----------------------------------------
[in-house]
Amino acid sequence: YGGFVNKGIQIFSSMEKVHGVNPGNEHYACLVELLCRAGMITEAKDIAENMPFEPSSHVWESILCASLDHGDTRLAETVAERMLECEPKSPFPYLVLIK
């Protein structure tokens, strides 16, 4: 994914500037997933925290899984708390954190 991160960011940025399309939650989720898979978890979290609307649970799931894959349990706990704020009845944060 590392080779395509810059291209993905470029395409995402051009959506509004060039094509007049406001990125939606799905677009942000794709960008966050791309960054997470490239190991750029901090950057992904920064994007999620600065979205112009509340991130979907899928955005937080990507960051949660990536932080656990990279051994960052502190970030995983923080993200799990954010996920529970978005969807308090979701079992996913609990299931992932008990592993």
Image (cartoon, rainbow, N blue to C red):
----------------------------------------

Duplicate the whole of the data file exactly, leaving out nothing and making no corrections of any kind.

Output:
[in-house]
Amino acid sequence: YGGFVNKGIQIFSSMEKVHGVNPGNEHYACLVELLCRAGMITEAKDIAENMPFEPSSHVWESILCASLDHGDTRLAETVAERMLECEPKSPFPYLVLIK
């Protein structure tokens, strides 16, 4: 994914500037997933925290899984708390954190 991160960011940025399309939650989720898979978890979290609307649970799931894959349990706990704020009845944060 590392080779395509810059291209993905470029395409995402051009959506509004060039094509007049406001990125939606799905677009942000794709960008966050791309960054997470490239190991750029901090950057992904920064994007999620600065979205112009509340991130979907899928955005937080990507960051949660990536932080656990990279051994960052502190970030995983923080993200799990954010996920529970978005969807308090979701079992996913609990299931992932008990592993």
Image (cartoon, rainbow, N blue to C red):